An Investigation of Regulatory Decision Making by Automated Decision Makers

Lead Research Organisation: University of Nottingham
Department Name: School of Computer Science


In this proposal we will investigate if we can simulate regulatory group decision making utilising an environment of cooperating and automated decision makers. This ambitious project comprises a multi-disciplinary, inter-institutional team drawn from Computer Science, Psychology and Industrial and Manufacturing Science. The four investigators will be supported by a three year PhD student, based at Cranfield, and a two year Nottingham based research assistant.The first phase of the project will define the regulatory decision contexts (environmental planning, permitting, policy development), individual roles and personality influences. These factors will be incorporated in the simulation environment in the second phase of the project and the resulting system will be analysed in the final phase.The second phase of the project will take the outputs from phase one and create a simulation environment. This environment will initially be built using agent based technology, but other machine learning approaches will be investigated as appropriate.The final phase will involve all members of the team in analysing the resulting system and calibrating its parameters in order to emulate group decision making processes as closely as possible.A key feature of this proposal are 2-day workshops at nine monthly intervals in order for the whole team (investigators, PhD student, RA and project partners) to work together in a focused way.
Description Complex regulatory decisions about risk rely on the brokering of evidence between providers and recipients, and involve personality and power relationships that influence the confidence that recipients may place in the sufficiency of evidence and, therefore, the decision outcome. We explore these relationships in an agent-based model; drawing on concepts from environmental risk science, decision psychology and computer simulation.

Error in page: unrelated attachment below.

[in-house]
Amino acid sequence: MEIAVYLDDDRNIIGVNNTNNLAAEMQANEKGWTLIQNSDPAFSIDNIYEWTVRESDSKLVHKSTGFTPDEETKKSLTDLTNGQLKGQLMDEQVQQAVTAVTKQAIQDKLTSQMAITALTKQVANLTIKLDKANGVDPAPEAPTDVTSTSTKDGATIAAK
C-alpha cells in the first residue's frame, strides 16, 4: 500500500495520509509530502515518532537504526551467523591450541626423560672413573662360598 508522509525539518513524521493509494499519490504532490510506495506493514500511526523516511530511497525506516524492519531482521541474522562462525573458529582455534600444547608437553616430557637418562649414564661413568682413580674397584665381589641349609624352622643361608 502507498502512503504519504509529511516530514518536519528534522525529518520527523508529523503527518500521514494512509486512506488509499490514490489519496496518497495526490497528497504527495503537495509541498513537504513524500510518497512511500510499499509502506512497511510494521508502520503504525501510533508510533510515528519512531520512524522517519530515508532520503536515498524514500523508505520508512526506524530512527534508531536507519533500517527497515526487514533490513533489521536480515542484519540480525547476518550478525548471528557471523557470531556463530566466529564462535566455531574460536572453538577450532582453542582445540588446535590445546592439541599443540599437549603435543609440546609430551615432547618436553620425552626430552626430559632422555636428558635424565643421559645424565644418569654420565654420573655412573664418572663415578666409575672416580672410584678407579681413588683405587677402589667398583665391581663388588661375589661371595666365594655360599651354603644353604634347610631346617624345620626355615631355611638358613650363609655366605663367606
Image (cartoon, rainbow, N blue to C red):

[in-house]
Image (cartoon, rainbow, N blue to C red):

Exploitation Route The research we have conducted is applicable to anybody who is faced with complex regulatory decisions, where an element of risk is involved. Therefore, it might be of interest to government agencies, regulatory bodies, large/complex organisations, as well agencies that have to decide on policy given a range of stakeholders.
Sectors Communities and Social Services/Policy




Description This project produced five high quality journal papers, with the latest paper being published in 2014, demonstrating that the research team was still working together long after the research program has been completed (from a funding point of view). We are pleased to see that the papers we produced are starting to attract citations, indicating that other reseachers are finding our work is useful. In particular, the 2009 paper has received 11 citations (as at 12 Nov 2014) which are speard a variety of disciplines, including medicine, the environment and logistics. We believe this shows that the research is applicable to many different disciplines.
First Year Of Impact 2009
Sector Environment,Transport
Impact Types Economic

Policy & public services

Description Dept for Env Food & Rural Affairs DEFRA 
Organisation Department For Environment, Food And Rural Affairs (DEFRA)
Country United Kingdom 
Sector Public 
Start Year 2006
Description University of Oxford 
Organisation University of Oxford
Country United Kingdom 
Sector Academic/University 
Start Year 2006